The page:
Mahi Mahi, Coryphaena hippurus Click to enlarge image
A Mahi Mahi near a fish attracting device, 8 km north-east of Botany Bay, New South Wales. The fish was swimming at about 2 m below the surface. The water depth was 100 m. Image: Dave Harasti
© Dave Harasti

Fast Facts

  • Classification
  • Size Range
    It grows to 2.1 m in length and over 22 kg in weight. Individuals this size are rarely encountered. Common Dolphinfish are usually seen up to about 1 m in length.


The Mahi Mahi is a slender pelagic species that occurs in tropical and warm temperate waters worldwide.


The Mahi Mahi has an elongate compressed body and a forked tail. Its long-based dorsal fin starts above or slightly behind the eyes.

The species is usually metallic blue-green above and silver with a golden sheen on the sides. There are iridescent blue to black spots on the sides.

The Mahi Mahi and Pompano Mahi Mahi can be separated by body depth (less than versus greater than 25% of standard length respectively). The tooth patch on the tongue is oval versus trapezoid. There are also differences in the number of dorsal fin rays, lateral line scales and vertebrae.

Pompano Mahi Mahi and Mahi Mahi

A Pompano Mahi Mahi (upper) caught at the surface (water depth of 274m) by J. Francis, east of Port Stephens, New South Wales, February 2009. The lower fish is a Mahi Mahi, Coryphaena hippurus.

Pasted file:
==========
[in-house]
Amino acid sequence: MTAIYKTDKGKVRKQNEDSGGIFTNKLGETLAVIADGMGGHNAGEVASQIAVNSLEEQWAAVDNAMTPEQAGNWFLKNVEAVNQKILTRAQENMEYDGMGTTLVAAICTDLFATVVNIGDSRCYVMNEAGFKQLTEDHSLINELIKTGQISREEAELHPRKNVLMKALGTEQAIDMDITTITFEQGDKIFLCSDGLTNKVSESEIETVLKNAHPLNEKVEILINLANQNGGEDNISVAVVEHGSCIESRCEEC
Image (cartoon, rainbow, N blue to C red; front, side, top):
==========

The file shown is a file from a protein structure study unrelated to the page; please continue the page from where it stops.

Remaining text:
Image: Tim Simpson
© Tim Simpson

Juvenile Mahi Mahi, Coryphaena hippurus

Juvenile Mahi Mahi in an aquarium. The fish were caught in Sydney Harbour, New South Wales in February 2010.

Image: Ben Curry
© Ben Curry


The species occurs in tropical and warm temperate waters worldwide.

In Australia it is known from marine waters around the entire country, but is more common in warmer waters.

The map below shows the Australian distribution of the species based on public sightings and specimens in Australian Museums. Source: Atlas of Living Australia.

Economic impacts

It is a popular angling species and an excellent food fish that often congregates around fish attracting devices.


  1. Allen, G.R. 1997. Marine Fishes of Tropical Australia and South-east Asia. Western Australian Museum. Pp. 292.
  2. Collette, B.B. in Carpenter, K.E. & V.H. Niem. 1999. The Living Marine Resources of the Western Central Pacific. Volume 4. Bony fishes part 2 (Mugilidae to Carangidae). FAO. Rome Pp. iii-v, 2069-2790.
  3. Gibbs, R.H. Jr & B.B. Collette, 1959. On the Identification, Distribution and Biology of the Dolphins, Coryphaena hippurus and C. equiselis. Bulletin of Marine Science of the Gulf and Caribbean. 9(2): 117-152.
  4. Glover, C.J.M. in Gomon, M.F., Glover, C.J.M. & R.H. Kuiter (Eds). 1994. The Fishes of Australia's South Coast. State Print, Adelaide. Pp. 992.
  5. Hutchins, B. & R. Swainston. 1986. Sea Fishes of Southern Australia. Complete Field Guide for Anglers and Divers. Swainston Publishing. Pp. 180.
  6. Randall, J.E., Allen, G.R. & R.C. Steene. 1997. Fishes of the Great Barrier Reef and Coral Sea. Crawford House Press. Pp. 557.
  7. Stewart, A. & C.D. Roberts. 2003. Specimens of northern fishes sought. Seafood New Zealand. 11(11): 65-67.